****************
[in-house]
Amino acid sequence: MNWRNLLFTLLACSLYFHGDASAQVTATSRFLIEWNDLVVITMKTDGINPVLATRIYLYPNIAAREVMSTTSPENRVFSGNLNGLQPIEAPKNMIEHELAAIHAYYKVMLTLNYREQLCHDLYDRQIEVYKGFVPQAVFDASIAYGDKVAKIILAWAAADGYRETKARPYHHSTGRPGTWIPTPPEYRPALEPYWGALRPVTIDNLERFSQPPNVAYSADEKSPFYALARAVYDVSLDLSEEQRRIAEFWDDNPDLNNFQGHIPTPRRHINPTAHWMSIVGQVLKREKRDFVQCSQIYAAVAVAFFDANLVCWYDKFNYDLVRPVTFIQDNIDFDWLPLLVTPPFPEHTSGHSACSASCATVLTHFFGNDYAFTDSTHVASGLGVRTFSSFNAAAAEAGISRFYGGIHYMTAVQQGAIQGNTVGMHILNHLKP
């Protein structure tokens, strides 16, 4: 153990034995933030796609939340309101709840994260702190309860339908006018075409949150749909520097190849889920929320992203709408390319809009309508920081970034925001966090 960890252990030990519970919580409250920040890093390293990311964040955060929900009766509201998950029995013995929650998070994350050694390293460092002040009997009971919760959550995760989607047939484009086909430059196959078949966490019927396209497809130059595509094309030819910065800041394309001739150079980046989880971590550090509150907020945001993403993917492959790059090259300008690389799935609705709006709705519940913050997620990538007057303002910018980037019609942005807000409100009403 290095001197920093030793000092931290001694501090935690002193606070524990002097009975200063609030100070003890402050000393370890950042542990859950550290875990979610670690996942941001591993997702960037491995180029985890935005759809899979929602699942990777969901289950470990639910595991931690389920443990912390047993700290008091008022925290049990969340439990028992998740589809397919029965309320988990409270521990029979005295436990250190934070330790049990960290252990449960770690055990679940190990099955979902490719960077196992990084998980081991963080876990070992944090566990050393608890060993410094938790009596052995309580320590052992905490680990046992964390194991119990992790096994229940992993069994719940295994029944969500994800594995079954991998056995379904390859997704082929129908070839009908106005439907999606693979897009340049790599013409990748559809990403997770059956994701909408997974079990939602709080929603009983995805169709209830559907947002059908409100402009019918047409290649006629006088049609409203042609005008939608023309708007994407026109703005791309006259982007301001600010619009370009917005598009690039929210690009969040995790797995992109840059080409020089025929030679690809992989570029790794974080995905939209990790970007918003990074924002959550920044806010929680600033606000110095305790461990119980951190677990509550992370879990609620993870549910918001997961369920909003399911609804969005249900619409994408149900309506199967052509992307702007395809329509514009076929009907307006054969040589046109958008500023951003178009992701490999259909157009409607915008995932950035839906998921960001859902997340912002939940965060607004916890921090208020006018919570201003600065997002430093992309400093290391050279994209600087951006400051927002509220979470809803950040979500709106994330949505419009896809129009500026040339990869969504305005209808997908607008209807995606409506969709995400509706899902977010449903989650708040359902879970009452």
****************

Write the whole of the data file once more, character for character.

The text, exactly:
[in-house]
Amino acid sequence: MNWRNLLFTLLACSLYFHGDASAQVTATSRFLIEWNDLVVITMKTDGINPVLATRIYLYPNIAAREVMSTTSPENRVFSGNLNGLQPIEAPKNMIEHELAAIHAYYKVMLTLNYREQLCHDLYDRQIEVYKGFVPQAVFDASIAYGDKVAKIILAWAAADGYRETKARPYHHSTGRPGTWIPTPPEYRPALEPYWGALRPVTIDNLERFSQPPNVAYSADEKSPFYALARAVYDVSLDLSEEQRRIAEFWDDNPDLNNFQGHIPTPRRHINPTAHWMSIVGQVLKREKRDFVQCSQIYAAVAVAFFDANLVCWYDKFNYDLVRPVTFIQDNIDFDWLPLLVTPPFPEHTSGHSACSASCATVLTHFFGNDYAFTDSTHVASGLGVRTFSSFNAAAAEAGISRFYGGIHYMTAVQQGAIQGNTVGMHILNHLKP
């Protein structure tokens, strides 16, 4: 153990034995933030796609939340309101709840994260702190309860339908006018075409949150749909520097190849889920929320992203709408390319809009309508920081970034925001966090 960890252990030990519970919580409250920040890093390293990311964040955060929900009766509201998950029995013995929650998070994350050694390293460092002040009997009971919760959550995760989607047939484009086909430059196959078949966490019927396209497809130059595509094309030819910065800041394309001739150079980046989880971590550090509150907020945001993403993917492959790059090259300008690389799935609705709006709705519940913050997620990538007057303002910018980037019609942005807000409100009403 290095001197920093030793000092931290001694501090935690002193606070524990002097009975200063609030100070003890402050000393370890950042542990859950550290875990979610670690996942941001591993997702960037491995180029985890935005759809899979929602699942990777969901289950470990639910595991931690389920443990912390047993700290008091008022925290049990969340439990028992998740589809397919029965309320988990409270521990029979005295436990250190934070330790049990960290252990449960770690055990679940190990099955979902490719960077196992990084998980081991963080876990070992944090566990050393608890060993410094938790009596052995309580320590052992905490680990046992964390194991119990992790096994229940992993069994719940295994029944969500994800594995079954991998056995379904390859997704082929129908070839009908106005439907999606693979897009340049790599013409990748559809990403997770059956994701909408997974079990939602709080929603009983995805169709209830559907947002059908409100402009019918047409290649006629006088049609409203042609005008939608023309708007994407026109703005791309006259982007301001600010619009370009917005598009690039929210690009969040995790797995992109840059080409020089025929030679690809992989570029790794974080995905939209990790970007918003990074924002959550920044806010929680600033606000110095305790461990119980951190677990509550992370879990609620993870549910918001997961369920909003399911609804969005249900619409994408149900309506199967052509992307702007395809329509514009076929009907307006054969040589046109958008500023951003178009992701490999259909157009409607915008995932950035839906998921960001859902997340912002939940965060607004916890921090208020006018919570201003600065997002430093992309400093290391050279994209600087951006400051927002509220979470809803950040979500709106994330949505419009896809129009500026040339990869969504305005209808997908607008209807995606409506969709995400509706899902977010449903989650708040359902879970009452």